I think the technological advances in our society are a double edged sword. On one hand, I think we are smarter now as a society than we have ever been. I can watch classes on MIT’s website for free, I can Google just about anything and find an answer within minutes or even seconds, and kids can use technology to make learning easier and more fun. The spread of information is significantly faster than it has been in the past.

    While I do believe that the positives of our technology outweigh the negatives, there certainly are major issues. I, just like you, have a hard time watching a movie at home without multitasking during it (eating, texting, playing on my phone, doing homework, checking websites, etc.). I miss the days of going to a restaurant with a couple of friends and just talking and hanging out. Now its more like go to a restaurant with friends and everyone is on their phones. To me, the decrease in personal connections during the last 10 years or so in society is palpable.

    Additionally, I do feel that the internet and mobile devices have changed our thought processes. It seems that whenever anybody has a problem they can’t solve (whether in school or in real life), they Google it and try to find the answer as easily as possible (myself included). It will be interesting to see what kind of positive and negative effects technology has on our society moving forward.

    Liked by 2 people

    • lewenzel93 February 6, 2015 / 12:33 am

      You’ve made some really great points! I’m right there with you about how going out to dinner with friends and staying off technology is a rare moment. Connecting with people has become simpler through technology, but making a human connection this way shouldn’t be as effortless as, say, accepting a facebook friend request. This kind of simplicity might help explain the success of internet dating.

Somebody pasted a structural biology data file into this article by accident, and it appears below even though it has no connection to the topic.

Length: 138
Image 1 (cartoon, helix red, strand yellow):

But I question if this access to technology is making us smarter as a society instead of merely giving us a wider range of resources. And just how deep could this dependence on technology run? Only time will tell!

      Liked by 1 person

  2. mvzang February 6, 2015 / 5:23 am

    Where to start? I really liked the article by Nicholas Carr. I agree with him that as we have moved into this era of non-stop information and social media outlets being in our faces, that we begin to dumb our brains down. I know I have had a hard time concentrating on long novels and text books, and I graduated high school before facebook was even created. I’ve found that if I’m not completely into a subject in school or see the bigger picture of reading something, I simply cannot concentrate on it. It wasn’t until I started to study the field that I currently work in until I started making the dean’s list almost every semester.

    There is no doubt that social media, sports sites, and other news outlets are a much easier way to waste time. If I am at a point where I need to buckle down and finish homework, study, or even blog for that matter, I’ll pick my phone up and waste more time. It’s exactly what these entities like Facebook, Twitter or various other sites want! They want to divide your attention from the things you really need to do and keep investing time on their sites, right? If these sites weren’t so entertaining or addicting, none of us would have this newer problem of not being able to concentrate. There are a lot of advantages to having this technology, and don’t get me wrong, I love my smart phone, but there are a lot of things I could/should be spending my time other than it.